And how they must laugh, if laughter is allowed, as the Left in the West goes into an orgy of blaming ourselves, ourselves who are all, to some extent, the victims of this.

Since the attacks on Charlie Hebdo, when there were also mutterings that those people brought it on themselves by being foolish and irresponsible and mocking the prophet, France has become used to living under what one commentator called the 'new normal'.

The new normal in France involves armed police guarding anything that they feel might be offensive to radical Muslim sensibilities. So newspaper offices, Jewish schools are all potential fair game. Many artists, writers and intellectuals are now under 24-hour protection - anything that might perhaps be associated with enlightenment, free speech, with free thinking, with free expression.

Presumably these writers and intellectuals are as offensive to the medieval minds of Isil as idolators at a party of perversity.

So what is the new normal after Friday? Do we now need armed guards protecting any western activity? Because to these people, we are all idolators in some way. We are all, by virtue of what we believe and how we lead our lives, engaged in a party of perversity. What steps do the Left believe we need to take to appease them now? What will be enough?

The strange thing about all this is that while we are the ones hurting now, the real hurt in the long term will be on Isil's own people, the people they purport to fight for.

When they bombed the beaches of Tunisia, they decimated the futures of their brothers and sisters there. When they blow up planes at Sharm el-Sheikh, they destroy livelihoods there. Now Poland has been the first country to say that in the light of the attacks on Friday, it will not be taking Syrian refugees. The events of Friday will benefit the far Right in France and make life even more difficult for French Muslims.

For our part, the West has a proud record of not allowing atrocities like this to ruin our lives. Indeed, it often seems to make us more determinedly free. New York recovered, London recovered, and Paris will recover. And the Western way of life will continue, in all its offensiveness and perversity.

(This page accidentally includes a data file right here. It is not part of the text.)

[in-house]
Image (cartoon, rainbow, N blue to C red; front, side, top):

Islam literally means submitting.

We will not submit.

We will not compromise how we live our lives out of fear of these people. But every time an incident like this occurs, it makes life more and more difficult for Muslims everywhere.

Of course, it shouldn't make people look at Muslims differently, but the truth is that it does. And it is also true that the kind of network needed to pull off what happened in Paris on Friday cannot operate totally in secret and totally without some support from communities.

We Irish, of all people, know this, with our history of safe houses and sneaking regarders.

It's true that we have a part to play in finding political solutions to the problem in the Muslim world.

But part of the answer lies too in Muslims standing up and declaring that this is not in their name, and in fighting radicalism in their own communities, whether that be through informing police or leadership in communities.

The men who did this sprang from Muslim communities in France, as do a huge amount of those fighting with Isil. These communities, and Muslim communities in all Western countries, need to become cold houses for radicalism.

Or they will find very quickly that, rightly or wrongly, westerners will decide that Muslims have no place in free 21st-century democracies.

Sunday Independent